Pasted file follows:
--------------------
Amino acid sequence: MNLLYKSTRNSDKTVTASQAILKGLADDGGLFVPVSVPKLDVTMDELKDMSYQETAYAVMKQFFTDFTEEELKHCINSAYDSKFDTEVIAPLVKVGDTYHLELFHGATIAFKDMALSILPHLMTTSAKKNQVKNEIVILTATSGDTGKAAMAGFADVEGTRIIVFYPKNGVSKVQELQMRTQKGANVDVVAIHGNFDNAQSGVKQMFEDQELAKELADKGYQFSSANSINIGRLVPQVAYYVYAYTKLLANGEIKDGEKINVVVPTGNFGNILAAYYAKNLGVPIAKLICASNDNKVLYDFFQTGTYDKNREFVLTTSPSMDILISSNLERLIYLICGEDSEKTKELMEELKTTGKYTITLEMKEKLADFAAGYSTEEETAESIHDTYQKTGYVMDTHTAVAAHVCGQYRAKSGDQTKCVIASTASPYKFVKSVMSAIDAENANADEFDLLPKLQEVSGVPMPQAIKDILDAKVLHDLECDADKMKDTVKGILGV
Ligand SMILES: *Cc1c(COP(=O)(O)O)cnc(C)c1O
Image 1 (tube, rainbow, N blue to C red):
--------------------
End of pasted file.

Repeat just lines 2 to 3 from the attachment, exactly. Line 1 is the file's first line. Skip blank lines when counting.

Ligand SMILES: *Cc1c(COP(=O)(O)O)cnc(C)c1O
Image 1 (tube, rainbow, N blue to C red):